More than a dozen neighborhood associations from South Philadelphia and the River Wards have joined the Fraternal Order of Police in filing a court document in opposition to a planned supervised injection site. The filing, a “friend of the court” brief, supports U.S. Attorney William McSwain’s request for a stay that would prevent the site from opening while his appeal moves through the Third Circuit Court.
The amicus brief focuses on the impact such a site, where people could bring their own drugs to inject under medical supervision, would have on quality of life in the residential areas. The filing comes days after the nonprofit Safehouse announced it would open a supervised injection site in South Philly. The news was met with an upswell of opposition from nearby residents, causing Safehouse to retract its plans and its landlord to back out of the lease.
“The notion that drug addicts would visit the site like a family trip to the supermarket — there for a short time, and then back home — is fanciful,” wrote Michael McGinley, the lawyer representing the civic associations. “Instead, they would linger, and, when the injection site is closed, drug dealers would flood the area where Safehouse has been kind enough to concentrate their customers. This dynamic would cause precisely the predictable harms the law was intended to prevent.”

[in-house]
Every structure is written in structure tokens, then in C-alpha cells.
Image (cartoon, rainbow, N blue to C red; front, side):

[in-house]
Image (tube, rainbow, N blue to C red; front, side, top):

Donna Ciafre, a South Philly resident who opposes the site, said she is no stranger to the struggles of addiction. She said she asked her cousin, who uses heroin regularly and often stays on the street in South Philly, if she would use the site, and her cousin gave her a resounding yes.
“She’s going to come and cop from whoever she can, because I’m sure they’re going to be here selling whatever they can sell,” said Ciafre, referring to a common argument that drug dealers will flock to the neighborhood if they know they have a concentrated customer base there.
Ciafre said her cousin also referred to being near the site as a sort of “get out of jail free” card.
“If she gets stopped by a cop, she could easily say, `I’m going to the facility to use my drugs,’” Ciafre said.
Her conversation with her cousin echoed the amicus brief’s argument that if police don’t arrest people for possession or use nearby, a supervised injection site would create a “law free zone where dealers can, without fear of consequence, ply their trade.”
The city has said it would ensure there was no increase in illegal activity in the immediate vicinity.
Ciafre was one of hundreds who came together Sunday in front of the previously proposed location, Constitution Health Plaza on South Broad Street, to celebrate its temporary defeat. The gathering had been scheduled before the nonprofit changed its plans, but neighbors still came out to hail what they viewed as a victory resulting from the public outcry.
Though Safehouse would be the first supervised injection site in the United States, hundreds exist in Europe, Australia and Canada. The amicus brief criticized the impact on communities surrounding existing sites.